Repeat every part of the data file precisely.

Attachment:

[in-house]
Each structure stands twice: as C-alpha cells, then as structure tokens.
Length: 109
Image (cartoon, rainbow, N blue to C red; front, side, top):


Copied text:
[in-house]
Each structure stands twice: as C-alpha cells, then as structure tokens.
Length: 109
Image (cartoon, rainbow, N blue to C red; front, side, top):